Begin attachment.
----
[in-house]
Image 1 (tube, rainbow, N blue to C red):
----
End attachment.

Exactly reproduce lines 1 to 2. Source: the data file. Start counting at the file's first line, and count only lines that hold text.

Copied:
[in-house]
Image 1 (tube, rainbow, N blue to C red):